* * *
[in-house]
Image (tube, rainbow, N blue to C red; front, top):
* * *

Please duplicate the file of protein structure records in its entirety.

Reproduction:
[in-house]
Image (tube, rainbow, N blue to C red; front, top):